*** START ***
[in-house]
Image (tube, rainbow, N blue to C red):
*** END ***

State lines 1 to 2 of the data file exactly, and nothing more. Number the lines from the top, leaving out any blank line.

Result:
[in-house]
Image (tube, rainbow, N blue to C red):